I thanked her and went on with Austerlitz. She went on with her anesthesiology book.

But the thought of those imprisoned deer continued to impress itself upon me. As Sebald intended (I’m sure)... I kept staring at the photograph.
I wondered what my cat thinks when I go to work.
Seriously though. Every morning, coffee in hand, I step across the threshold and shut the door and lock it.
My cat probably thinks I spend all day out there in the hallway! Absolutely no comprehension of an entire world outside of this apartment where he and I live.
In his case, I think he is quite content in his cute-as-hell ignorance. But when it comes to wild animals, no. I do not think they should be penned up. I mean, zoos are fun and all, (for us visitors) and I suppose they are educationally necessary, but generally, I think it is quite mean to put the genuine beasts behind bars.

I once met a wild mountain goat.
It was the earliest morning of my life, an Easter morning. Easter Sunday.
So I am driving along this windy mountain edge, you know what I mean? In the Rockies. The sort of place where if you drove off the edge some hiker would find you down there about sixteen years later. And by then you would have ferns growing out of your eye sockets type thing. Yeah. So, as I drive around this bend, there is all of a sudden this bunch of wild mountain goats sort of browsing along the road, on the mountain side of the road.... and I nearly died for the beauty of it. So I stopped, and most of them sort of clambered away. But this one just looked at me with his slanty eyes and walked up to my car.
He looked for all the world like he was going to ask me for my driver’s license and registration. My window was already down of course, and here this beast was so close I could have touched him. I wished that I had some food for him but I had nothing but a coffee and a muffin wrapper. He just stared at me like I too was part of the scenery. Soon I realized I had to move on... plus I am like right on the highway in a car and not moving (there was like zero traffic).... so I started to drive real slow like, and Mr. Goat here just began to trot alongside me. Right on the highway. It was funny as hell. I will never forget it as long as I live, the little puffs of goatsteam coming out of his mouth as he kept pace with my Oldsmobile.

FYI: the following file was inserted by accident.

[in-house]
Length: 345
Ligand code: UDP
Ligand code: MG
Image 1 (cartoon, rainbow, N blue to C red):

It was like we were lovers and she [she, all of a sudden he is a she, did you catch that? As though its actual gonadular apparatus changed in response to my fantasy thoughts, is that narcissistic of me or what?] is running alongside the bus as I am being taken off to war..... [I get so romantic about these things] like as though she was saying "Write me... (puff) I love you (puff) I will... (puff)... miss you" as the bus speeds away and her nails scratch all the way down the side of it.... when in REALITY.... here is probably what is closer to the musical truth... here are the real goat-thoughts.....

"Just a... (puff)... crust of a (puff) sandwich or muffin (puff)... even Doritos....(puff, puff) any (puff) Doritos in there? I (puff puff) love Doritos."
And even if this goat was not in ACTUAL love with me it was still a holy moment I will never forget.

The moral of this story is twofold.
# 1) Read Sebald’s Austerlitz.
# 2) When driving through the Rocky Mountains, keep a bag of goat-chow nearby.


Merisi said...

Austerlitz forever!
I' want to quote the whole book, and right now you put me in a serious conflict: feed my very present loved ones lunch, or read Austerlitz. Again. You haven't mentioned the architecture. Remember the trains station sequences? Right out of Kafka, but drawn by the Sebaldian magic wand.
I walked and walked my dog in this glorious Sunday morning, air so clean and light so brilliant, raindrops still on the blossoms from 48 hours of non-stop rain. Sebald would have loved it.
Remember "Camposanto"?
Have a great Sunday,

Cipriano said...

DO NOT FEED ANYONE! [Even goats!]

Yes, my goal is to read everything Sebaldian!
I really want to get to The Emigrants and The Rings of Saturn!